Closer to Cabo we had some great catches too- the Block family from Seattle, Wa. , released one blue marlin and two striped marlin as well as boating three large dorado, aboard, La Brisa. This same day, July 18th, Mark & Heidi Williams, from Fort worth, Texas, had three striped marlin, a hammerhead shark and three yellowfin tuna, aboard Karina. Our catch rate was almost perfect this week, with just one boat getting "skunked" for the whole period. The average catch, was two to three billfish, mostly striped marlin, as well as a few sailfish, along with some sizeable dorado. Once we hit Thursday, the marlin action slowed down, but we were compensated with plentiful dorado. Pisces anglers caught a total of 40 billfish this week - every single fish was released : 36 striped marlin, one blue marlin and three sailfish. OTHER SPECIES: Dorado catches increased substantially this week, with many boats getting up to seven, ranging in size from 20 to 60 pounds. Nearly all are taking feathers and small lures. Yellowfin tuna catches were on the slow side, with just a few small ones, caught closer in than the marlin. Wahoo here and there, not much over 30 pounds. Pangas are catching small dorado, bonita and some yellowfin tuna. LOCATION: Golden Gate and San Jaime. WEATHER CONDITIONS: Currently the Pacific is like glass; the Cortez side is a bit choppier, as there was wind out of San Jose. Skies mostly clear. Hot . AVERAGE WATER TEMP: 84 F. BEST LURES: Live bait for striped marlin, green type lures for dorado, blue marlin red/black lures, sailfish, bait and lures. Tel 011-52-114-31288; Fax 011-52-114-30588; email@example.com.
CABO SAN LUCAS, MEXICO: FLY HOOKER SPORT FISHING, Cabo San Lucas, July 16, 2000, George & Mary Landrum. WEATHER: It is starting to get hot down here! I'm using the air conditioning at night about half the time, mostly when there is no breeze. We had one or two cloudy days this week when it looked as if there might be a storm or some rain. Other than that the rest of the week had temperatures in the mid to high 90's during the day and the mid 70's to high 80's at night. The breezes have been light and mostly from the west.
WATER: The temperature is probably the most important factor right now. It seems as if the color is good both offshore and inshore but the temperatures skyrocketed overnight during the middle of the week. One day we had 79-degree water right out front and the next day the temperature was up to 84 degrees. The 80-degree water is now on the Pacific side of the cape. There seems to be a finger of warmer water that is lying right across the tip of the cape, out to about 35 miles. The conditions remain good for fishing, small swells and light breezes on both the Sea of Cortez and the Pacific.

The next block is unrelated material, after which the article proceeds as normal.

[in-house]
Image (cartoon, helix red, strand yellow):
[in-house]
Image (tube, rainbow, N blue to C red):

FISHING: BAIT - We are still getting Caballito from the bait pangas and the price is still steady at $2 per bait. No reports of Mackerel and no information on the availability of Sardines. MARLIN - The approach of the warm water earlier in the week brought the Striped Marlin closer to Cabo and then overnight it seemed they had disappeared. They had actually stayed on the edge of the temperature break and passed Cabo, ending up on the Pacific side. After the new location was found the catch rates shot back up for a day, then the Full moon started to have an effect on the catch. Hopefully the influx of warm water will bring in the Blue and Black Marlin, we sure miss tangling with the big boys!
YELLOWFIN TUNA - There seem to be a few of the football size Yellowfin showing up close to home, and I have one report of 90-100 pound size fish being caught 35 miles south of Cabo on Friday. The boat was using live bait on downriggers and working a school they had spotted on the depth sounder. The boat caught three fish and they were all in that weight range.
DORADO - Good news here, it looks as if the Dorado are here and they are biting well. Every boat I have seen has been flying Dorado flags and the fish are decent size, most of them over 15 pounds with a lot of the larger 30+ pound fish being landed also. There has been no specific area where they have been concentrated, but there seem to be more on the Pacific side. That could be just because more boats are working that side for the Marlin! Strikes have been mixed, with success on both live bait and lures.
WAHOO - No reports.